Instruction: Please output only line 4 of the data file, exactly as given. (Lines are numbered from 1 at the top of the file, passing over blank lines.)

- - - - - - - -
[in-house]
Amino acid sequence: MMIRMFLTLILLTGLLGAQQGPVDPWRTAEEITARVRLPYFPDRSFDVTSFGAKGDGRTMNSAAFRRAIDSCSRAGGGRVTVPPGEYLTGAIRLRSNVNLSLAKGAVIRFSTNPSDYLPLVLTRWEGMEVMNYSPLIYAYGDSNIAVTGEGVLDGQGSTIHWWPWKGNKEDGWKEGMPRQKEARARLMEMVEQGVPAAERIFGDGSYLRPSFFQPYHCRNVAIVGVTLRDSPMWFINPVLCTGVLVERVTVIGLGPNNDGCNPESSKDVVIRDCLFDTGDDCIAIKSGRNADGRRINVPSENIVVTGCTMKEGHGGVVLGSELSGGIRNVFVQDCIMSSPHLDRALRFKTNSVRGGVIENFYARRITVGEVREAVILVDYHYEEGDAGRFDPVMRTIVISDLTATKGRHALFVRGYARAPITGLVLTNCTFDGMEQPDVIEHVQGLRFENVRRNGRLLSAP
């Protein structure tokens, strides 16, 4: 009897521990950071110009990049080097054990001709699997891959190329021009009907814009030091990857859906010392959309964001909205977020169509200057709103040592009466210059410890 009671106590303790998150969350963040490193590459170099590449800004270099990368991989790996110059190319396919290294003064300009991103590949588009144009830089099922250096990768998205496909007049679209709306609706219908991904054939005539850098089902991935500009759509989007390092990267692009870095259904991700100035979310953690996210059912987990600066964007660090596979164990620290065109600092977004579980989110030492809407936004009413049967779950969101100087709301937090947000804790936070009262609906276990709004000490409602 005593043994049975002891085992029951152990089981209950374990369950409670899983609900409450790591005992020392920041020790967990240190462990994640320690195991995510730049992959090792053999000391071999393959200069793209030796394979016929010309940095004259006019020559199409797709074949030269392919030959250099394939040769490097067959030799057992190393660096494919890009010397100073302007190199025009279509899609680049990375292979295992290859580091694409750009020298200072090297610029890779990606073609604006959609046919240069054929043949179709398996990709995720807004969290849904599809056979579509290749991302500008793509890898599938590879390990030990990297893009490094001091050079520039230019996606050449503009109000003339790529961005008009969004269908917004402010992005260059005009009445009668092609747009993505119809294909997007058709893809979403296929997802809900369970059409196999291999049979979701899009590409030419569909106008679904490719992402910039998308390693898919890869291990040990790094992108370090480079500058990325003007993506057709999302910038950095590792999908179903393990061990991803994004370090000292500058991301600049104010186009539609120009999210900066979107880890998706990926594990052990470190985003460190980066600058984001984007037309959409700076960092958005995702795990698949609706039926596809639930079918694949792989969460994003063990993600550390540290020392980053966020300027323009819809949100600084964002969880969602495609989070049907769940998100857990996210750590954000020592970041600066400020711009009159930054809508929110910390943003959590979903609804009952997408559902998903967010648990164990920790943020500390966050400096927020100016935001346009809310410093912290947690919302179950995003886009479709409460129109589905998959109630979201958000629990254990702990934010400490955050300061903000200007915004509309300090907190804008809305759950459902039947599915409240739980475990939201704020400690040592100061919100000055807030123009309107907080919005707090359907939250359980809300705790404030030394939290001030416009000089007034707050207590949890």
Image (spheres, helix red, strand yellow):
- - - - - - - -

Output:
Image (spheres, helix red, strand yellow):